Academic Catalog


Foothill College Course Outline of Record

Foothill College Course Outline of Record
Heading Value
Effective Term: Summer 2021
Units: 4
Hours: 3 lecture, 3 laboratory per week (72 total per quarter)
Prerequisite: THTR 25.
Degree & Credit Status: Degree-Applicable Credit Course
Foothill GE: Non-GE
Transferable: CSU/UC
Grade Type: Letter Grade (Request for Pass/No Pass)
Repeatability: Not Repeatable

Student Learning Outcomes

  • Successful students can classify and identify costume styles and periods for the theatre.
  • Successful students can demonstrate intermediate sewing skills with a wide range of fabrics and equipment, including overlock and blind hemmer machines.
  • Successful students can demonstrate techniques of pattern adjustments of an existing pattern, as well as drafting and fitting a custom body block.
  • Successful students can organize elements in creating costumes for production, including analyzing a script, creating a costume plot and production schedule, and evaluating costs and budgeting.


Continuation of THTR 25 with an exploration into more complex sewing techniques and machinery use. Further practice in the fabrication of clothing and costumes for the theatre, including pattern adjustment and measuring, basic pattern making, sewing knits, advanced fitting and alteration techniques and specialty machine usage.

Course Objectives

The student will be able to:
A. Research, classify and identify costume styles and periods for the theatre and stage.
B. Understand the practical elements of producing costumes for a show including creating costumes for the stage and performing intricate clothing alterations.
C. Identify fabric weaves, fibers, fabric names and uses and their particular sewing properties.
D. Practice with the skills of costume construction for the stage using various techniques and machinery.
E. Develop techniques of pattern adjustments of an existing pattern, including different sizing and changing its style details.
F. Interpret sketches and renderings of costume designs for theatrical productions, and understand the techniques used to create costumes for various regions and in different cultures.
G. Practice the organization elements in creating costumes for production.

Course Content

A. Research and analyze clothing for particular periods in history and the relationship to the theatre, stage and script.
B. Practice body measuring, pulling costumes, fitting, garment measuring, garment alterations, show maintenance and laundering theatrical costumes. Learn intricate clothing alterations.
C. Study a wide range of fabrics, distinguishing differences in fabric weaves and fibers. Identify fabric names and their sewing properties and practical usage. Practice sewing knits on the overlock and blind hemmer.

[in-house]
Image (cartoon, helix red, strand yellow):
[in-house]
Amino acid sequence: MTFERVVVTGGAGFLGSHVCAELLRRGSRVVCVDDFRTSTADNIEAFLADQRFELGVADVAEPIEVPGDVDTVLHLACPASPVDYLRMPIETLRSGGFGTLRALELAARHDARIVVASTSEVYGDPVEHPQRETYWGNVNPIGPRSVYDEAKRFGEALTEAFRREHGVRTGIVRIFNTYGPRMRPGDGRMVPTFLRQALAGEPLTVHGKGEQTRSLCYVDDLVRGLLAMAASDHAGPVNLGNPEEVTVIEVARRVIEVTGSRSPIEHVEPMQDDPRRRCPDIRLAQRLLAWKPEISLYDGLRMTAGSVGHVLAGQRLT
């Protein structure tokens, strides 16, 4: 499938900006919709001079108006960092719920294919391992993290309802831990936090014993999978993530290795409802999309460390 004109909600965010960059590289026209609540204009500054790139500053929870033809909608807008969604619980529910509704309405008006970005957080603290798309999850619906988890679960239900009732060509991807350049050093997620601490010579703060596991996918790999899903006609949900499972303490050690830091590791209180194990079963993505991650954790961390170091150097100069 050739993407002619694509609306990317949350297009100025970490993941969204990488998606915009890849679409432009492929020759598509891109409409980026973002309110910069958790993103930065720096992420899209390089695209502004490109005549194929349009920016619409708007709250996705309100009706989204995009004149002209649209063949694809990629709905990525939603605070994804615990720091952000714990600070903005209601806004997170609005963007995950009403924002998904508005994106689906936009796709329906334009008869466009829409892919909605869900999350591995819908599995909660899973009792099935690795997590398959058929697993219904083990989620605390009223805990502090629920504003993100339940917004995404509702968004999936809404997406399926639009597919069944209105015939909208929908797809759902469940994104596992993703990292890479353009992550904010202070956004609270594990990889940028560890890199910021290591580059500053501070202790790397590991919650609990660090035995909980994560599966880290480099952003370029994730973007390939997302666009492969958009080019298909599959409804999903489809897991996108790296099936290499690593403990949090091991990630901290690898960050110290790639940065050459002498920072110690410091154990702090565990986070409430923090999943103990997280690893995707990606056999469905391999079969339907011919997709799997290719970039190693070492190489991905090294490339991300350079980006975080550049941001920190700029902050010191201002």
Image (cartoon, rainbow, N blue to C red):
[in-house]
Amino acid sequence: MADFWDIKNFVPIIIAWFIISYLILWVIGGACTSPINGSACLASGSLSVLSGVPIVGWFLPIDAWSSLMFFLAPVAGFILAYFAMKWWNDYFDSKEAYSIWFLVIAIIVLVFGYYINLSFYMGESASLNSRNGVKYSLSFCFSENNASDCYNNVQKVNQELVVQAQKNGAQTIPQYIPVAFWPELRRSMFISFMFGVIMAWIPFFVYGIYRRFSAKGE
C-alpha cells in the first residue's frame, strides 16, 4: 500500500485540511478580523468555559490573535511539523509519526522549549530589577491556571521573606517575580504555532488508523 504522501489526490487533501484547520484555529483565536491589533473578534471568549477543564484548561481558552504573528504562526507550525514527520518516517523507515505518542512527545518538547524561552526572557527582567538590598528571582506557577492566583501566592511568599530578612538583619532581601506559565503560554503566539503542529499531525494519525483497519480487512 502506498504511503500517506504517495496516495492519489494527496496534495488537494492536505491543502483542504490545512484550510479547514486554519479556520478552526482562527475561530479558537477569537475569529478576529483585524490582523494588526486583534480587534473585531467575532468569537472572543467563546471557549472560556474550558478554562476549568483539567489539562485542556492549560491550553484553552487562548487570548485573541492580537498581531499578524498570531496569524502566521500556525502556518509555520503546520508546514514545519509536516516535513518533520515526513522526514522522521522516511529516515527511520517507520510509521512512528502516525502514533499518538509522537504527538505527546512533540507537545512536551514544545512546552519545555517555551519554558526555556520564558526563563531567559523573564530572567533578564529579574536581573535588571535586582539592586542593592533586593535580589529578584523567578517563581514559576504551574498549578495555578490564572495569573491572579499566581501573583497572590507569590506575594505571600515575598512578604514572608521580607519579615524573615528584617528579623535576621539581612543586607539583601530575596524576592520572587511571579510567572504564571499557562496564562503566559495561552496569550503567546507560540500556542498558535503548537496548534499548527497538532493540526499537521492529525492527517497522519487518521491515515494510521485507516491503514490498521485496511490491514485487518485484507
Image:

D. Practice techniques of cutting, sewing, craftmaking (including textiles and millinery), and building and finishing the costume design using sewing machines, scissors, needles, threads, steaming and ironing equipment. Learn and practice the usage of the overlock and blind hemmer machines.
E. Draft a custom body block and fit it.
F. Analyze the use of line, texture, color and form in the creation of costume design in American, European, Hispanic, African and/or Eastern/Asian theatrical societies.
G. Analyze a script, create a costume plot and evaluate costs and budgeting for costumes in the theatre.

Lab Content

A. Supervised construction of related projects including racking a show and pulling existing garments, creating new garments and accessories and maintaining a show during its run.
B. Advanced projects include millinery and thermoplastic fabrication and advanced structuring such as tailoring and corsetry.

Special Facilities and/or Equipment

A. Studio facilities with access to sewing machines and tables, overlock, blind hemmer, industrial iron and table, steamer, and costume shop.
B. Space appropriate for storing class materials and projects.
C. Space appropriate for storing show costumes.

Method(s) of Evaluation

Methods of Evaluation may include but are not limited to the following:

In-class projects
Assigned construction exercises
Project review
Final exam project/paper

Method(s) of Instruction

Methods of Instruction may include but are not limited to the following:

Lecture presentations and classroom discussion covering costume research, technology and construction
Oral presentations of major projects followed by in-class discussion and evaluation
Instructor guided laboratory practice sessions
Instructor demonstrations of costume technology and techniques

Representative Text(s) and Other Materials

Cunningham, Rebecca. Basic Sewing for Costume Construction: A Handbook, 2nd ed.. 2011.

Ingham, Rosemary, and Liz Covey. Costume Technicians Handbook, 3rd ed.. 2003.

Although these texts are older than the suggested "5 years or newer" standard, they remain seminal texts in this area of study. The Ingham and Covey text is the current school standard. Sewing techniques do not change much, and its research and shopping sections are updated yearly online to keep relevant.

Types and/or Examples of Required Reading, Writing, and Outside of Class Assignments

A. Reading assignments include chapters from the textbook, as well as research assignments that include verbal and visual research.
B. Students complete a paper that outlines the techniques they have learned in this class.


Stagecraft or Theater Arts